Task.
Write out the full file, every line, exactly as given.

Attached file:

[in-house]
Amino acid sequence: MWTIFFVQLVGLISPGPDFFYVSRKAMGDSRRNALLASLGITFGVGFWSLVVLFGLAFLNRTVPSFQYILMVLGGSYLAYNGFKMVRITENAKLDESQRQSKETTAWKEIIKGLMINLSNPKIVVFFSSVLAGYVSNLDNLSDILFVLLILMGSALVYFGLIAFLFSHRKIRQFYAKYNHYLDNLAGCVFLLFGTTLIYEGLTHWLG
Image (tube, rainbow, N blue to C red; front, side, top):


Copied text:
[in-house]
Amino acid sequence: MWTIFFVQLVGLISPGPDFFYVSRKAMGDSRRNALLASLGITFGVGFWSLVVLFGLAFLNRTVPSFQYILMVLGGSYLAYNGFKMVRITENAKLDESQRQSKETTAWKEIIKGLMINLSNPKIVVFFSSVLAGYVSNLDNLSDILFVLLILMGSALVYFGLIAFLFSHRKIRQFYAKYNHYLDNLAGCVFLLFGTTLIYEGLTHWLG
Image (tube, rainbow, N blue to C red; front, side, top):